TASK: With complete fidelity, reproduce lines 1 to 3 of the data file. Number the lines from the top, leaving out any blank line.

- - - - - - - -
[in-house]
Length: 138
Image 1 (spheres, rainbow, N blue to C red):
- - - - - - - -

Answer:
[in-house]
Length: 138
Image 1 (spheres, rainbow, N blue to C red):